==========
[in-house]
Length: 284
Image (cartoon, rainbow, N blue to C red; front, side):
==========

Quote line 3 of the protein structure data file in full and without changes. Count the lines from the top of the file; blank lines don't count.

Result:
Image (cartoon, rainbow, N blue to C red; front, side):